The air ambulance industry, for the most part, had been opposed to the recently passed bill by Congress that seeks to put an end to surprise billing practices. The state governments in the United States have been on a long and hard-fought quest to curb surprise billing practices. However, since the air ambulance industry is protected by federal law, states were helpless in controlling their billing practices. This fact has now changed and brought along new challenges for the air ambulance industry. Most of the players in the medical flight industry are private-equity based and have largely remained out of insurance networks. The new bill can hit them hard.
Effect on the Air Ambulance Industry
Maintaining air ambulance services is no small task. From maintaining the aircraft and hangars to paying off highly experienced and qualified personnel, the costs are high. So far, the costs were covered well as the discretion to bill their services had no curbs. Now, with the new bill, the air ambulance companies will have to make do with what the insurance companies approve. Failing to agree on the pricing will only lead them to an arbitrator whose decision will be final.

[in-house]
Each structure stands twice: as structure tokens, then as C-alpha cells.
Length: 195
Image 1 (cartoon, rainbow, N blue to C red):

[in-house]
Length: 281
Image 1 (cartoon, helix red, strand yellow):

What Can the Air Ambulance Industry do?
It goes without saying that profits will dwindle down. However, as most air ambulance companies have already begun doing, it makes sense to join insurance networks. This will ease the payment process. Also, it is time that the industry looks at quality services wherein patients voluntarily opt for their services, even if it means that they will need to pay an out-of-pocket premium. The air ambulance industry now needs to veer its attention towards brand building activities. In this context, it must be noted that the service providers are still not compelled to limit their bills. The only change is that patients will no longer be liable to pay balance bills unless they opt to do so.